31 January 2018
On 14 December 2017, Bank Negara Malaysia (“BNM”) issued an exposure draft seeking feedback on the invocation of “know-your-customer” obligations on digital currency exchange business as reporting institutions under the Anti-Money Laundering, Anti-Terrorism Financing and Proceeds of Unlawful Activities Act 2001. The proposed policy sets out the legal obligations, requirements and standards that digital currency exchangers must carry out as reporting institutions, including in respect of reporting, record-keeping and customer due diligence. The proposed policy specifies transparency obligations, which are intended to provide relevant information for the public to better understand and evaluate risks associated with the use of digital currencies. Increased transparency will also serve to prevent the use of digital currencies for criminal or unlawful activities.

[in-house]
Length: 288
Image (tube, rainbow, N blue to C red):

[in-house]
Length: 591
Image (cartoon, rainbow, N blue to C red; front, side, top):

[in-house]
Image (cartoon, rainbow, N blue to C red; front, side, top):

BNM states in its press release that the invocation of reporting obligations on digital currency exchange business does not in any way connote the authorisation, licensing, endorsement or validation by BNM of any entities involved in the provision of digital currency exchange services. Digital currencies are not legal tender in Malaysia and as such digital currency businesses are not covered by prudential and market conduct standards or arrangements that are applicable to financial institutions regulated by BNM.
The public consultation closed on 14 January 2018.